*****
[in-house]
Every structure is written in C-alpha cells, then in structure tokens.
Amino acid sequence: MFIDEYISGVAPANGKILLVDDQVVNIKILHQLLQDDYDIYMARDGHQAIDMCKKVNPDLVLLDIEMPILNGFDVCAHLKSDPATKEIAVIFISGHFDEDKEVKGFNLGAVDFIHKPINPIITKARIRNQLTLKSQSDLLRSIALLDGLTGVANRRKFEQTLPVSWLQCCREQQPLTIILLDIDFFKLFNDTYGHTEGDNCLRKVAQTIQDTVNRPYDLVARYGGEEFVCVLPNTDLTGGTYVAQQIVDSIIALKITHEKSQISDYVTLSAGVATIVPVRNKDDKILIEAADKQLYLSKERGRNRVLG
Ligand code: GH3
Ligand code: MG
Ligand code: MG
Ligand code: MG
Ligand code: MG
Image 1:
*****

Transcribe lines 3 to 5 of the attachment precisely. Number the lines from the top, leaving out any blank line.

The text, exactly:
Amino acid sequence: MFIDEYISGVAPANGKILLVDDQVVNIKILHQLLQDDYDIYMARDGHQAIDMCKKVNPDLVLLDIEMPILNGFDVCAHLKSDPATKEIAVIFISGHFDEDKEVKGFNLGAVDFIHKPINPIITKARIRNQLTLKSQSDLLRSIALLDGLTGVANRRKFEQTLPVSWLQCCREQQPLTIILLDIDFFKLFNDTYGHTEGDNCLRKVAQTIQDTVNRPYDLVARYGGEEFVCVLPNTDLTGGTYVAQQIVDSIIALKITHEKSQISDYVTLSAGVATIVPVRNKDDKILIEAADKQLYLSKERGRNRVLG
Ligand code: GH3
Ligand code: MG